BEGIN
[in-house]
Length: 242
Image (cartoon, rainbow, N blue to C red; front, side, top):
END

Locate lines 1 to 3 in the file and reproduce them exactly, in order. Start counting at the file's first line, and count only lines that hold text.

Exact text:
[in-house]
Length: 242
Image (cartoon, rainbow, N blue to C red; front, side, top):